Coast Guard Family Month: Special Needs Program helps real life heroes

November is deemed “Coast Guard Family Month” to honor and celebrate all of our families, as well as to provide information on benefits and programs for our families. Follow our series here on All Hands!

Adalena, daughter of Petty Officer 1st Class Brittany Joseph, smiles for the camera during playtime at her home in Warren, Ohio.

Adalena, daughter of Petty Officer 1st Class Brittany Joseph, smiles for the camera during playtime at her home in Warren, Ohio.

Cherish the children marching to the beat of their own music. They play the most beautiful heart songs. Fiona Goldsworthy

Story and photos by Petty Officer 2nd Class Lauren Laughlin

Over the past several years the American public has seen a steady increase of entertainment media featuring superheroes. Whether it is the umpteenth remake of Batman or Spiderman, the story of Ironman, or a new movie highlighting the obscure like the Green Arrow, they all cater to our basic desire to be inspired.

But what really inspires us are real heroes. Heroes who take life as it is and make it great.

Is it a bird? Plane? Superman? Superwoman? No! It’s Brittany Joseph, Coast Guardsman and single mom to a daughter with special needs.

So maybe she is not Superwoman, although those powers of seeing through walls could come in handy, she still has special senses and abilities far more developed than parents of children without special needs. And with the help of the Coast Guard, she rocks at being a parent.

It was during her second ultra sound that Coast Guard Petty Officer 1st Class Brittany Joseph found out she was having a girl. It was also the day she learned that her daughter had spina bifida, a neural tube defect that occurs in one out of every 1,000 newborns in the United States.

“My daughter, Adalena, has spina bifida and 22q deletion DiGeorge syndrome,” said Joseph.

“There are many different levels and severities of the disease, Adalena has the most severe and rarest form.”

Spina bifida occurs during pregnancy and for unexplained reasons, the embryo’s neural tube, which develops into the brain, spinal cord, and vertebral column, fails to form properly, which results in varying degrees of permanent damage to the spinal column and the nervous system.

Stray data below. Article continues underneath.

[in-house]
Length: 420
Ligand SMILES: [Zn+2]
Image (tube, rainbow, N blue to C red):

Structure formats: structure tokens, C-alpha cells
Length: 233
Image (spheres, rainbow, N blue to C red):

In the United States, approximately 1,500 infants are born with spina bifida each year. According to the Spina Bifida Association, “Spina bifida is the most frequently occurring permanently disabling birth defect…More children have spina bifida than have muscular dystrophy, multiple sclerosis, and cystic fibrosis combined.”

Petty Officer 1st Class Brittany Joseph and her daughter Adalena play in their living room at their house in Warren, Ohio, after Adalena’s afternoon nap.

Petty Officer 1st Class Brittany Joseph and her daughter Adalena play in their living room at their house in Warren, Ohio, after Adalena’s afternoon nap.
“Love recognizes no barriers. It jumps hurdles, leaps fences, penetrates walls to arrive at its destination full of hope.” – Maya Angelou

“We knew that she was going to be delayed, not only from her special needs but from being a premature baby as well,” Joseph said.

“We were very lucky that Adalena was a candidate for in utero surgery, and that it was successful. While we weren’t sure if she was going to be able to walk, having the surgery increased the chances that she could. With therapy, braces, walkers, and time she is walking on her own and we have been brace-free for several months.”

At the time of Adalena’s birth, Joseph was stationed at the Personnel Service Center in Arlington, Va. Her mother quit her job in Ohio and moved to Virginia to be with them, even before the birth.

“My family has been supportive from the very beginning,” Joseph said.